Scrap metal recycling plan considered
By Bill Bartleman
The federal government could save millions of dollars in cleanup costs at the Paducah Gaseous Diffusion Plant if a plan is approved to recycle thousands of tons of scrap metal, including 9,700 tons of nickel worth at least $37 million.
Most of the scrap is from equipment removed from the plant during an equipment upgrade that was done from 1974 to '83, DOE said. The material has been stored in a scrap yard since then because some of it contains "slight radiological contamination," DOE said, adding that at the time there was no known method to remove it.
DOE said technology now exists to recycle and dispose of the contaminated metals in a manner that is safe to the environment. A recycling/disposal plan is contained in a draft report expected to be made public next month.
Officials said they could not discuss the plan because it is still under review by state and federal regulators, but some details were outlined in a DOE newsletter published last month.
The newsletter said that besides the nickel that coated some of the enrichment processing equipment, the scrap includes 20 tons of stainless steel, 40 tons of copper, 3,200 tons of aluminum and 31,500 tons of iron.
"Material not significantly contaminated, or that can be cleaned up to acceptable levels, would be reused or sold," DOE said. "Proceeds from the sale would help defray the costs of disposing of the rest."
The report did not estimate the value of the material, except to say that "the nickel alone is worth about $37 million."
Also, the newsletter said recycling the material "not only would free resources ... but would protect plant workers and the public in a more timely manner than just disposing of the material, which includes drums, ingots and small and large pieces of metal."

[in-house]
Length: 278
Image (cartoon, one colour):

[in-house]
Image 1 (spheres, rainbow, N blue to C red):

The report estimates that all the nickel can be recycled, 86 percent of the stainless steel, 66 percent of the copper, 6 percent of the iron and only 6 to 7 tons of aluminum.
Scrap that cannot be recycled would be "disposed of in appropriate facilities," the newsletter said.
Paducah economic development officials have been lobbying Congress and DOE officials to build recycling facilities at the Paducah plant.
Doing the work here could create jobs and would be safer than shipping the material elsewhere, they maintain.
The newsletter did not say if the plan called for the recycling to be done here or elsewhere. That information could be in the full report.
The newsletter did say that in devising the plan to remove the scrap, "DOE considered exposure to plant workers, people involved in recycling or transporting materials, and potential exposure to the environment."
If the plan is approved, it would take about 40 months to clear the plant of the scrap metals, according to a spokesman with the Kentucky Environmental Protection Cabinet. The total cost to do the job was not available.